I remember coming across a cluster of old foundations somewhere in the Wharton tract (probably close to Batsto Village in southern New Jersey) on one of our numerous off-road excursions. It may have been the very unique experience of being surrounded by miles of pines (the smell is incredible- very grounding) that skewed my perception- a clean slate that makes me more receptive or something. I got preoccupied by wondering about the people who lived or worked in these structures. What were their lives like? Who were they? And then, I started to wonder, am I really feeling them here? Well, it is Jersey, so it is entirely possible that I was just overloaded in the presence of all of that clean air and oxygen, rather than having some sort of empathic encounter.
In a sense, I guess I do believe in ghosts, just not the white-sheet apparition kind. I like to think that it’s possible for a person to permeate a place (an excellent movie that deals with haunting in this sense is Hitchcock’s Rebecca, in which the mansion itself seems to exude the presence of the deceased spirit). The reverse is definitely true for me. I can be in a place and ten years later be somewhere completely different, but a certain smell will send me back to that place. So if a place can imprint itself on me, can I imprint on a place? I so want to haunt someone- but in a good, unobtrusive, “Dude, you left the oven on!” kind of way.
Oh, and it is amazing what is left behind in some of these buildings, such the abandoned Sun Mircrosystems building in CA.
Hey, did you know Bloomington has a wiki? My husband-person has an article in Bloomingpedia. I’m slightly jealous but ultimately happy and secure in my anonymity.
I don’t have much to say about wikis, perhaps because I tend to use Wikipedia almost as much as I use Google. Wikis pretty much rock. Of all of the resources from the IUL2.0 post, I enjoyed perusing the Library Success for information on wikis and, in particular, the tips on starting your own wiki. There are other areas (go to the main page to view the “index”) that are not as robust, but who’s fault is that? Our own. I guess that’s what I like about wikis. Everyone is responsible for content. Unfortunately the openness can be abused, but I like the fluidity and hyperlinks (as you may have noticed from my own posts) are my friends. The possibilities for use in the library are endless.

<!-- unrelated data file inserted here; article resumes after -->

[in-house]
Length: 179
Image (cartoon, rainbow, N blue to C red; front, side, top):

Another fun wiki I found:
Legend of Zelda Wiki (actually, there are tons of game and sci-fi wikis)
True, it’s been almost two years since I’ve worked in public services but working with teens in a very small public library taught me two things:
- patrons (whether 15 and blue-haired or 55 and clean-shaven) are extremely resourceful
- as a librarian, I need to learn how to anticipate patron’s needs (patrons certainly give me plenty of material to learn from!)
One quote that I thought thoroughly exemplified Library 2.0 came from Chip Nilges’ article, “To more powerful ways to cooperate,” in which he quoted Tim O’Reilly as stating, “users add value.” Content is being created at an alarming rate and our patrons seem to be the largest contributors. They are creating artwork, writing blogs, presenting research, and authoring programs. And our users are clever. They are excellent self-promoters and they are not content to merely find an outlet to archive their work. They are tagging, sharing and creating social networks, in which information is being quickly exchanged and further manipulated. Our patrons are savvy when it comes to making web 2.0 resources work for them.